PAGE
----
Gibson Loses Its Firebird Guitar Body Shape Trademark in The EU

VictorB

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ehb

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Gib should have an auction to decide WHO will patent the Firebird X and how much Gib would have to pay 'em to take it....



Nothing like building something stupid and saying down the road "Well so & so patented the damn thing, tweren't us...


;)
 

oicu812

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This right here is the case:

Guitar body shapes may perhaps function as trademarks for a tiny club of expert and discerning guitarists," the EUIPO stated, "but not for the average amateur, who is the relevant public in assessing distinctive character in this case.”

I think their assessment is the exact opposite of what it should be.The "relevant public' is the target market. Guitar body shapes should function as trademarks for all guitarists, not the so called "tiny club of expert and discerning guitarists" who know what they are looking at. The "average amateur" may not, and Gibson doesn't believe they should lose the sale because another maker is using what they see as their body shape.

It wasn't gonna happen with the EU. They are gonna take care of their own, and I am sure Wilfer lined a few pockets.

"EUIPO stated in relation to the Firebird body shape that it "does not consider this to be significantly different from the normal style of electric guitars".

I think the statement says it all. Anyone here define what "normal style of electric guitars" means?
 

Tim Plains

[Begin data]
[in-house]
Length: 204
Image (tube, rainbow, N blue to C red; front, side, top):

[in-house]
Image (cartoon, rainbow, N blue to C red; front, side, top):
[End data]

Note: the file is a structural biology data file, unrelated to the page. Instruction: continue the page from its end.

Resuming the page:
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"Interestingly, the EUIPO put forward the idea in its judgment that even though guitarists may be able to identify a guitar's outline, it's more relevant whether a non-player can. And it doesn't consider this to be the case for the Firebird."

I wonder how this logic would apply to all trademarks. Any non-driver can use the Mercedes Benz logo? Any non-burger eater can use the Golden Arches?
 

oicu812

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I dunno. For example, most mid-engine cars, Ferrari, Lambo, Audi, and the new C8 Vette all follow a similar body style. Only so much you can do with a mid-engine and aerodynamics. One could say form and function work closely here.

On the other hand, guitar bodies relative to performance are completely independent of shape one could claim. May not actually be the case, but the claim could be made. So the difference in appearance and performance with the mid-engine car (not really any options) versus the 6 string electric is totally different.

This is why Gibson and Fender want to have the body shapes they designed trademarked, as is the Mercedes star.
 
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dspelman

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do they care about the firebird's headstock?

i know they're picky about the open book.

Gibson is trying to backtrack trademarks on its bodies, and they've been claiming them to be trademarked all these years (they weren't). That's why we've seen other manufacturers shaving the points of cutaways, etc. They even tried to claim the whole singlecut body style, and lost that one to PRS. I think we're going to find that Gibson can not defend their claims to trademarks on not only their bodies but also their headstocks, and that will include the open book.

Fender has long since given up trying to assert legal protection for the body shapes they produce; the strat and tele (for example) are essentially public domain at this point, even though Fender may object to the use of "Stratocaster" and "Telecaster" to identify them (which is why we refer to them as t-style or s-style or any one of another similar conventions).
 


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